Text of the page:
Note: This is a topic that a group of people could go back-and-forth on forever, and not get anywhere. This post is not an attempt to sway anyone, but merely to make my stance on the subject more clear to those that are trying to make me think otherwise.
So the Windows 8 Release Preview (or Release Candidate, as it is usually called) came out overnight. When I got home from school, the first thing I did was download the installation wizard, followed the instructions and left it to download and install. After installation, it has the same simple ‘welcome’ wizard as the Consumer Preview (which I’ve been running for a couple months now) and then it sent me to the Start Screen.
The first thing I did, as I’m sure many others have and will, was open the Desktop. Why? Because I was curious about the changes to the UI, which a lot of technology news sites have been talking about recently. There are some that think that the new Start Screen is counter-productive, and that they want the old start menu back. This is what I have to say to you: give it a chance first. A week at least. We, as humans, are always allowed to try something different. We always try different flavours of ice-cream, or different Linux distros to see what works for us. So why can’t large companies like Microsoft do the same? In a world becoming dominated by Apple’s iPad, they want a shot at it too. They see where the future is, and they want to try their hand at the technology. This isn’t to say they’ll stick to it, and this isn’t to say they’re going to tread lightly.
When Windows 7 was being developed, everyone said that it was “what Vista should have been.” Sure, that may be true, but it took Microsoft extra work to make it. They realised some features in Vista needed revamping, that compatibility was important, and so they tried their best with the next version. They decided that the big gap in time between XP and Vista wasn’t a good move, so they don’t plan on doing the same. But though this means more operating system releases for us to play around with, it also means Microsoft get less time to plan and decide on what they believe could work, and trying different attempts at implementing the features. This makes Windows 8 hard enough for them.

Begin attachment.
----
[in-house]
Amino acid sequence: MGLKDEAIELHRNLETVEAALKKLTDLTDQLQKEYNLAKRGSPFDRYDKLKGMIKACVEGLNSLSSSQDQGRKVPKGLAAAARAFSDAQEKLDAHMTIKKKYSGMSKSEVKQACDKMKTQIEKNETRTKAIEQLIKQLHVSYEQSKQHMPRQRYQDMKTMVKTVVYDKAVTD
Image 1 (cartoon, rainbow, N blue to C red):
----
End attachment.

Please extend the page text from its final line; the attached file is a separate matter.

Going back to the topic at hand though, my first thought when I went to the desktop of the Windows 8 Release Preview? It’s beautiful, it’s consistent! The only issue for me was my synchronised colour scheme made window headings look bad (black writing on dark red), but that was my fault. And many hours later, I still agree that it’s beautiful and consistent. Microsoft have been hard at work making the transition between Metro apps and the desktop more seamless.
I’m actually still running the Windows 8 Developer Preview on one of my computers at school, and I can tell you: THAT is what you call unusable, especially on a 1.8GHz desktop with 1GB of RAM. I can’t update the operating system there though, because of various reasons I see no reason in discussing, but it gives me a good feel for how much has changed in the short time between each Windows 8 Preview release we’ve had. Microsoft ARE working hard to bring us a better experience over time, and they’re doing a damn fine job of it too.
Back in the days of Windows 7’s development, I loved downloading new versions of the operating system. At the time I was on a 20GB internet cap, so I had to be careful when downloading new builds. I started with 6801, and moved up the line. Each time I upgraded, I loved the operating system more and more. The same goes for Windows 8. I have yet to feel any misgivings towards the Start Screen, the apps, or the upcoming tablets. I’m actually very excited. Even though I know I won’t be, I hope to be one of the first to buy/receive a Windows 8 tablet when they start shipping near the end of the year, or even for Christmas..